Scott: It’s a baseline, yeah.
Noah: Yeah. So I think that gives us an entrée into, like, all right, we’re a part of this you know sustainable kind of enterprise, whatever you wanna call it, but there’s so much more than used to be done. And that’s why we’re really not just, like, throwing money at causes, but partnering with organizations, and developing our own kind of organizations to advance key causes and to support movements that are happening.
I mean, we really see this as a revolutionary moment where we can make very substantial impact in the world. If we do this right in the cannabis industry, it can be a driver and a force for real change, if we can harness its power and the economic resources behind it and the healing power of it, of the plant.
Scott: I mean, that’s really powerful, Noah, and I’m glad you put it that way. Because, you know, folks listening right now think about what we’re talking about with Zenbarn Farms and what they’re doing. They’re talking about, you know, sustainable, you know, farming and things like this, and re-using, you know, what they have. And, being a part of their community and helping people with their products, and going a step further and contributing to and driving important causes forward, I mean, this is, I guess, how you become an ambassador and part of, I guess, a whole system, right, in a good way, which we need more of. So, I’m curious, what do you think is one of the biggest misconceptions about CBD still, and how can those who are passionate about CBD in their products clear up these misconceptions?
Noah: Yeah. I mean, I think we certainly still have people that just don’t know…you know, they still think of it as it’s tied up with the stigma of THC in cannabis. They think that it gets you high, I don’t really 100% disagree with that, I think. So, in a way, the misconception, I think, it’s more the stigma attached. And, I think, people tend to think that CBD is something that’s, like, for people that are looking to have a recreational, fun experience versus the vast majority of people that come to us using CBD regularly are addressing chronic problems and are really seeking out CBD for health issues, and very legitimate health issues, and are often getting off very harmful drugs with CBD, getting off opiates, stopping taking antidepressants, things like that. You know, we’ve seen so many of our customers have been wanting and needing to get off those drugs, pharmaceutical drugs, and just can’t because these issues are underlying. And they’ve been able to use CBD as a powerful way to start to do that.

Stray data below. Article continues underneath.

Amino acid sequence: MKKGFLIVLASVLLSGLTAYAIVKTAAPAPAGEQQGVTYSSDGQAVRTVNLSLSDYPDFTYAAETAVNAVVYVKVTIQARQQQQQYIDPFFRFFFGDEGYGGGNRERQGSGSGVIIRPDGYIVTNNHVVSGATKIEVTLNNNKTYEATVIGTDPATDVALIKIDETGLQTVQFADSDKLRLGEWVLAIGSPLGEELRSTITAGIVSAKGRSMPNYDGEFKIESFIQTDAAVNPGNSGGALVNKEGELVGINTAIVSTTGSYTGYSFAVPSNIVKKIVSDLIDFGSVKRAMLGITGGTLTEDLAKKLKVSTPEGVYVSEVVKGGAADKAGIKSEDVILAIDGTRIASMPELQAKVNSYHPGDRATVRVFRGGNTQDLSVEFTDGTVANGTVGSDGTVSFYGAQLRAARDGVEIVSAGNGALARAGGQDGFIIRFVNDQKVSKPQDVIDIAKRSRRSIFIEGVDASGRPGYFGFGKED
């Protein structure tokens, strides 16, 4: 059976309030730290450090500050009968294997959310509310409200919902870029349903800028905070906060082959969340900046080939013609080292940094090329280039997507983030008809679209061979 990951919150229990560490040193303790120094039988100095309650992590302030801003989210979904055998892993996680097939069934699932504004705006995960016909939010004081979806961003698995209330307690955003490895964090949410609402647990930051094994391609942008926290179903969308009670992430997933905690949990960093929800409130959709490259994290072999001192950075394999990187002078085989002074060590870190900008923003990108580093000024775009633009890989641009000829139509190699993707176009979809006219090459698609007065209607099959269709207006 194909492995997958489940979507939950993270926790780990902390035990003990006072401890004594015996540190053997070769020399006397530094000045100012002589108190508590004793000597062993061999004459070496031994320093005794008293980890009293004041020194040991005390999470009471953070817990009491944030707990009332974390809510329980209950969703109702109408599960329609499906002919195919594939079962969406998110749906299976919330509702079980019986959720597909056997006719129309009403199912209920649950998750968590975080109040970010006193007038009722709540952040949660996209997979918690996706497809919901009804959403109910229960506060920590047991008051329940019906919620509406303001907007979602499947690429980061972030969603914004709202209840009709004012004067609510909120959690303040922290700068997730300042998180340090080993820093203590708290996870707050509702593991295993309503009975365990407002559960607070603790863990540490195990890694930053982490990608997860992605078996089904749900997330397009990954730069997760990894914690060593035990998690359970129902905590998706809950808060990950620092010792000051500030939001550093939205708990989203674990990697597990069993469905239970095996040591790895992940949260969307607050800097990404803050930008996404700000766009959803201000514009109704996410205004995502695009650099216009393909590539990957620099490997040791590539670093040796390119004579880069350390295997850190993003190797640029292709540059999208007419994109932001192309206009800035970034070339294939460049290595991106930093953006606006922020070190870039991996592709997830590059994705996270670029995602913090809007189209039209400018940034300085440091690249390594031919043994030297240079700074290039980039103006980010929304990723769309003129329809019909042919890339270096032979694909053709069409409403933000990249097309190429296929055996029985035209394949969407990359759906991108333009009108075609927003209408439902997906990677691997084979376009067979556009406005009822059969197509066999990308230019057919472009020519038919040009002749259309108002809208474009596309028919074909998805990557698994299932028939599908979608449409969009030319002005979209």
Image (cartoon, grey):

And I…given myself, I was really surprised at this sort of seriousness of our clientele, in terms, of why they’re coming to us for their health needs. And they can’t get that help often from their doctors right now. Their doctor is like, “Well, I can’t talk to you about this.” So, they’re coming to us with very…sometimes very serious. I mean, we have cancer patients come in. We have people that, you know, have some serious chronic pain. They’ve been on opioids, and they want to get off them, and we’re helping them. It’s not like… I mean, in some ways, I’m like, “I wish you could just talk to your doctor about this. But given that you can’t, we’re gonna do our very best.” So, you know, I would like the people that come in or that just view us as this, like, you know, hippy is getting high kinda.
Scott: Right, just partying, whatever.
Noah: It’s like you should hear the stories, you know. It’s real.
Scott: So, I guess, kind of pursuant to that, let’s say someone’s newer to the world of CBD but, you know, they’re maybe unsure. Because they’ve heard, you know, some of the talk or whatever, they’re skeptical, maybe, about the benefits or what have you, what might you say to them just to encourage them, “Hey, maybe try it out, maybe give it a chance and see if it helps you”?